But counsel cites and relies upon Code 110-303, which deals with appeals such as defined in Code 6-101, and on Peoples Bank of Talbotton v. Merchants &c. Bank, 116 Ga. 279 (42 SE 490), Garrick v. Tidwell, 151 Ga. 294 (106 SE 551), Twilley v. Twilley, 195 Ga. 297 (24 SE2d 46), and Powell v. Powell, 200 Ga. 379 (37 SE2d 191), and insists that the final decree of the Maryland court is to be reviewed by the Supreme Court of Maryland, and hence is not entitled to full faith and credit. As pointed out above, the Constitution (Code 1-401) does not restrict its application to any class or type of judgment to which it requires full faith and credit, and courts are not authorized to do so; But in this State the judgment brought to this court, not by appeal but by writ of error to review, may be enforced pending review unless superseded. Truluck v. Peeples, 1 Ga. 1; Perkins v. Rowland, 69 Ga. 661; Ennis v. Ennis, 207 Ga. 665, 671 (63 SE2d 887). See also A. Coolot Co. v. L. Kahner & Co. (Cal. 1905), 140 F 836. No Maryland law appears in this record on this point, and in such case we apply Georgia law. The record is silent as to any supersedeas of the Maryland decree, hence it is enforceable. This court has repeatedly held that a decree of the courts of other States awarding custody of minors must be and will be given full faith and credit by the courts of Georgia. Brandon v. Brandon, 154 Ga. 661 (3) (115 SE 115); Jernigan v. Garrett, 155 Ga. 390 (2) (117 SE 327); Drake v. Drake, 187 Ga. 423, 431 (1 SE2d 573); Dyal v. Dyal, 187 Ga. 600 (1 SE2d 660); Beggs v. Beggs, 208 Ga. 415 (67 SE2d 135); Mercer v. Foster, 210 Ga. 546 (81 SE2d 458).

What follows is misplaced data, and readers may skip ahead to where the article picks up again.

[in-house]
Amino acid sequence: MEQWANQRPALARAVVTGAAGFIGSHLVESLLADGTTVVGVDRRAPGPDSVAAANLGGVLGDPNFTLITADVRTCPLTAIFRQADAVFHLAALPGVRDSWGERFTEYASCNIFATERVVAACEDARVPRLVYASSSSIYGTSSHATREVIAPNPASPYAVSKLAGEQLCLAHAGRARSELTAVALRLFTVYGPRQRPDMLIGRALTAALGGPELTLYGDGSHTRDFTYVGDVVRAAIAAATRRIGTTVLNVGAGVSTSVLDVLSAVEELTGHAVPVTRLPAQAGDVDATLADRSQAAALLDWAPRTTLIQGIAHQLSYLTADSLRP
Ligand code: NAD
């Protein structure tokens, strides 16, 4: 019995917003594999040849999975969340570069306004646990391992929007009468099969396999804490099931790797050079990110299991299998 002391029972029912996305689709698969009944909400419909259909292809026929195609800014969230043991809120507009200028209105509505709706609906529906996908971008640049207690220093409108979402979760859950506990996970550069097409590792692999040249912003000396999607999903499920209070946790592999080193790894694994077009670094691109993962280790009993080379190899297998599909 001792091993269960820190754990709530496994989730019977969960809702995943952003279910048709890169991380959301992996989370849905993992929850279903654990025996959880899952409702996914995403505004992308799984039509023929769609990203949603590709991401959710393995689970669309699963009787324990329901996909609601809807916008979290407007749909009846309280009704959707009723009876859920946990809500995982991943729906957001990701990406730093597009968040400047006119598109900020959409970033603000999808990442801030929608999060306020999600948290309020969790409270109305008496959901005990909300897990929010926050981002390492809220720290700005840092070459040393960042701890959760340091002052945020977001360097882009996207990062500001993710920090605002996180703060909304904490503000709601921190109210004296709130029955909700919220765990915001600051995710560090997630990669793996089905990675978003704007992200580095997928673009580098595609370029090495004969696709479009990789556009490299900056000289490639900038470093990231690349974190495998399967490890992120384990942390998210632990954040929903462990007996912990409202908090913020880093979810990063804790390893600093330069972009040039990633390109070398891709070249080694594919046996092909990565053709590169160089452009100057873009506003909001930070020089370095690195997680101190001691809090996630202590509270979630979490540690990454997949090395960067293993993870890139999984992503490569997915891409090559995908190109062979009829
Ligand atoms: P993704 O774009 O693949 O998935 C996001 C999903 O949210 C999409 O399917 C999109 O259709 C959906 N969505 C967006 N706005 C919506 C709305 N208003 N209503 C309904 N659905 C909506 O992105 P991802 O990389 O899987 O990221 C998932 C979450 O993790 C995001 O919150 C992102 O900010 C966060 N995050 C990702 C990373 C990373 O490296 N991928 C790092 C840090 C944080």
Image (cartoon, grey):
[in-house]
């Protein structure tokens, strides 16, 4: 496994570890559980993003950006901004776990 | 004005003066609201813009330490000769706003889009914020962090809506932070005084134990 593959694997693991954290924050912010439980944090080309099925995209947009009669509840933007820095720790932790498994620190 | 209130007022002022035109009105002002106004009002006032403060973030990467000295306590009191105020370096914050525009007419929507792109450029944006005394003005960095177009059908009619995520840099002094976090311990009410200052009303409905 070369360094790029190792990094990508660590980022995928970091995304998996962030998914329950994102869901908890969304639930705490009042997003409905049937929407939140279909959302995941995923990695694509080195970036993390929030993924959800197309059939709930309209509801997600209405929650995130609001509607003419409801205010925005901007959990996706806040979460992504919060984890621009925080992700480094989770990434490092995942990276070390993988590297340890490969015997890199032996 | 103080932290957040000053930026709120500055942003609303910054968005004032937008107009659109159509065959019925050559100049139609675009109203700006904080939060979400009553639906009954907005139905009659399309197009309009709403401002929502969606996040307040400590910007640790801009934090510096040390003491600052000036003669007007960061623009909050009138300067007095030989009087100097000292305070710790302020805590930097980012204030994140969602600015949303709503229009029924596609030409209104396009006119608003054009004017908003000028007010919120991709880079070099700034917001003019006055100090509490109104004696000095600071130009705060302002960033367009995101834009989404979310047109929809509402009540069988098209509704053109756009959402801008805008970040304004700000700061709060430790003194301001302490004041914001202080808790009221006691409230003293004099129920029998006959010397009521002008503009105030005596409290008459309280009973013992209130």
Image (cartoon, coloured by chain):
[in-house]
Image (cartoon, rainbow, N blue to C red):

This is precisely the kind of judgment to which we are asked to give full faith and credit. To so treat simply means that, when the Georgia court sees from that decree that the Maryland court has given custody to the father, the constitutional duty is plain to recognize and give effect to that right. If rights thereunder are to be changed, the Maryland courts must do so, not a Georgia court. We hold therefore that the decree of the Maryland court invests the father with the legal right of custody of all the children, and Georgia courts must, under the Constitution, accord to it full faith and credit. This ruling controls adversely to the plaintiff in error in the cross bill of exceptions and requires an affirmance.